How to Remove Header Pins on Flight Controllers

Removing header pins on a flight controller or circuit board in general could cause damage to the hardware if it’s not done properly. Here I will show you a couple of examples how I do it safely and easily.

The wrong way: many people would try to remove the solder first using solder sucker or solder wick, then pull all the header pins out at once. First of all it’s not easy to remove the solder completely, and you might have to repeat the process many times. By applying too much heat on the solder pads and connection, you could rip out the conductive copper surface and destroy the board.

So here is what i think the right way, how I remove headers pins on a circuit board more safely. Be aware this is going to break the existing header pins, if you want to put in new header pins you will need some new ones.

  • Remove the plastic part that holds the pins together, and straighten all the angle pins
  • Remove the pins one by one by heating up the solder,  and pull it out very gently with a pair of pliers. Do not force it!
  • Clean up the pad and remove extra solder with a solder sucker or solder wick. Again, do not leave soldering iron on the pads for too long to avoid damage

Example 1 – Removing Header Pins from Flight controller

naze32-board-remove-header-pins-plastic

naze32-board-remove-header-pins-un-solder

Example 2 – Removing header pins from MinimOSD

remove-minimosd-header-pins-steps

remove-minimosd-header-pins

Edit History

  • Jul 2015 – Article created
  • May 2017 – Article revised

11 thoughts on “How to Remove Header Pins on Flight Controllers

  1. Chase

    One issue I ran into when trying to remove pin headers is that the existing solder is sometimes difficult to melt. Has anyone else had this problem?

    If so, I figured out a solution that doesn’t require increasing the temperature of the soldering iron or drastically increasing the time the soldering iron is in contact with the FC. All you do is add a little more solder. The new solder appears to transfer the heat better between the iron and the existing solder and melts the existing solder very quickly. The excess solder can then be easily removed.

    Reply
  2. Rob

    Hi Oscar
    I was just about to do this and make a mess when I read your post… Hopefully I’ll make a better job of it now. Cheers!!

    Reply
  3. Dave

    Hi Oscar,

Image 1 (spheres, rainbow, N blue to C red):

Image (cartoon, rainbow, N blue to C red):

I recently buggered up a naze32 board, which I was trying to fix one of the pins on. I lifted one of the pads.

    Any recommendations on how to fix (I’m a novice) and whether its worth it?

    Reply
    1. Oscar Post author

      I don’t think there is a easy fix… you might need to get a new board.
      But if it’s just a motor pin, you can use a spare motor pin by changing CMiX.
      thanks
      Oscar

      Reply
  4. EasyFlare

    Hi Oscar,

    Insulate the contact point of pliers with plywood or similar material. This will prevent the heat loss through the pliers and can make the process go even faster.

    Reply
  5. fl0PPsy

    Hi Oscar,

    One thing I’m curious about when it comes to header pins is what is the best way to remove a component that has been soldered directly onto header pins. Take the Nucleus (and others now) PDB as an example. The MinimOSD can be soldered directly to the header pins on the PDB so it sits under the flight controller. I was thinking just recently that one day I’ll need to take the MinimOSD off the PDB again and it looks like it will be a painful job.

    Does anyone have any tips on the best way to handle this?

    Reply
    1. Oscar Post author

      yes good question.
      It’s not easy to remove header pins without destrying the header pins…
      I will look into this and update the post… if I can…

      Reply

Leave a Reply

Your email address will not be published. Required fields are marked *

Are you Robot? *

I only check blog comments once or twice a week, if you want a quick reply you can post your question on this forum IntoFPV.com... You might get a faster response from me there (multirotor related only).